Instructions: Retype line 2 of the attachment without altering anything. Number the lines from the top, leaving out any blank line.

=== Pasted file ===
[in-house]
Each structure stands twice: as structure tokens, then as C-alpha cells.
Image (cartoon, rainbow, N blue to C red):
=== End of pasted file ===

Each structure stands twice: as structure tokens, then as C-alpha cells.